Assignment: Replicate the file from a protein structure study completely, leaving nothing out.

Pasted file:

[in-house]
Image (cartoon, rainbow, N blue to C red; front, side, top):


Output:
[in-house]
Image (cartoon, rainbow, N blue to C red; front, side, top):